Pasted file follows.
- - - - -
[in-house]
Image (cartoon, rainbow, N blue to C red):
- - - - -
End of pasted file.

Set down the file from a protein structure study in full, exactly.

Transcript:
[in-house]
Image (cartoon, rainbow, N blue to C red):